Francis Schaeffer the Evangelist -- By: David W. Jones

Journal: Faith and Mission
Volume: FM 21:1 (Fall 2003)
Article: Francis Schaeffer the Evangelist
Author: David W. Jones

Francis Schaeffer the Evangelist

David W. Jones

Assistant Professor of Christian Ethics
Southeastern Baptist Theological Seminary
Wake Forest, North Carolina 27587

In his journal, First Things, Richard John Neuhaus claimed that “in the evangelical community, [Francis Schaeffer’s] influence was possibly only second ... to that of C. S. Lewis.”1 Similarly, other scholars have noted that Francis Schaeffer “has been the single most challenging and visionary theological voice of evangelical Christianity in the latter half of the twentieth century,”2 and that “no intellectual, save C. S. Lewis, affected the thinking of evangelicals more profoundly. .. [or] left a deeper stamp on the movement as a whole [than Francis Schaeffer].”3 Furthermore, Schaeffer’s impact on Christian scholarship is apparent as he has been compared by various writers to Cornelius Van Til for his philosophy and apologetics,4 to Helmut Thielicke and Jacques Ellul for his ethics and views on culture,5 and to Dietrich Bonhoeffer and even Athanasius for his theological influence.6 While it is evident, then, that Francis Schaeffer is considered by many to be an important and influential thinker, as the above comparisons illustrate, there is no unanimity of thought as to how to classify Francis Schaeffer and his writings. To elaborate, while some writers have characterized Schaeffer as a theologian,7 others have labeled him a philosopher,8 an apologist,9 or even a prophet.10 With this confusion over Schaeffer’s disciplinary identity in view, it is the contention of this paper that Francis Schaeffer was primarily an evangelist and that his purpose in writing was, therefore, chiefly evangelistic. In this work, this thesis will be defended by: (1) examining several aspects of Schaeffer’s methodology-for which he was oftentimes sorely criticized-in an attempt to suggest that it betrays an evangelistic intent; and (2) by surveying various pieces of empirical evidence from Schaeffer’s works and ministry that likewise point to an evangelistic end.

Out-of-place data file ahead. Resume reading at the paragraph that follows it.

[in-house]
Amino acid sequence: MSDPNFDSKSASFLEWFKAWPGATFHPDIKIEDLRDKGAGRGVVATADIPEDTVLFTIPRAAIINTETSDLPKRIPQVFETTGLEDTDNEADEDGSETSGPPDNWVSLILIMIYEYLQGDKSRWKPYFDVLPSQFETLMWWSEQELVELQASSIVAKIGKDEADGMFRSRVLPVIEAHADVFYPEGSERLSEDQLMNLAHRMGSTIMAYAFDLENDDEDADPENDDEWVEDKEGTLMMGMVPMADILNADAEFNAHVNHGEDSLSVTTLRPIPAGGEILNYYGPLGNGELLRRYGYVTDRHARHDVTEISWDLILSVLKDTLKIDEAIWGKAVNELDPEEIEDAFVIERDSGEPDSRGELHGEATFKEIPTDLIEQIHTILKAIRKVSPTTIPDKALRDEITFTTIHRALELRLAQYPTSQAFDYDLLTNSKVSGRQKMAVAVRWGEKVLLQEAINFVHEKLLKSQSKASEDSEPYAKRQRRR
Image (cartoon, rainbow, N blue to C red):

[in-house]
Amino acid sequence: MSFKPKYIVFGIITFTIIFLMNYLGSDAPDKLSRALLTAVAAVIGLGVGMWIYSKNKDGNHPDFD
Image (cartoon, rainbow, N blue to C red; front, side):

An Overview of Francis Schaeffer’s Thought

Before marshaling evidence in support of the aforementioned thesis, one should first survey Francis Schaeffer’s general thought. While thi...

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